Kasha is a porridge commonly eaten in Eastern Europe. In English, kasha generally refers to buckwheat groats, but in Slavic countries, kasha refers to porridge in general, and can be made from any cereal, especially buckwheat, wheat, barley, oats, and rye. It is one of the oldest known dishes in the Slavic cuisines of the Eastern European cuisine, at least a thousand years old. The kasha used in the Aztec Power Food cereals is made from buckwheat groats.
Kasha may look and taste like a grain or cereal, but it’s actually derived from the seeds of buckwheat, a fruit that belongs to the same family as rhubarb and sorrel. Because it is not a grain it is gluten free, making it suitable for people with gluten intolerance or allergies.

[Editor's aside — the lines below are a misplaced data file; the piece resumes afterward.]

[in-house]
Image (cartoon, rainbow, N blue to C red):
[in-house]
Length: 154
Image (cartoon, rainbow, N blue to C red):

Buckwheat is cholestral free and it is almost fat free. Buckwheat tends to lower blood glucose.
Kasha is closer to being a complete protein than other plant sources, including soybeans. It contains all eight essential amino acids in good proportion. In particular, kasha contains significant amounts of the amino acid lysine, which makes it unique as a grain substitute. Lysine is typically lacking in most true grains.
Buckwheat is high in iron so traditionally, it’s used by pregnant women to fight the pregnancy anemia.
Kasha is full of B vitamins and is rich in phosphorous, potassium, iron and calcium. One cup of buckwheat kasha kernels contains more than 20% of the recommended daily intake of fibre.
1 cup of cooked kasha provides approximately 155 calories, 5.7 grams protein, 4.5 grams fibre, 1 gram of fat, 1.3 mg iron, no cholesterol and negligible sodium. A 3/4-cup serving provides about 15% of the adult daily requirement for fiber.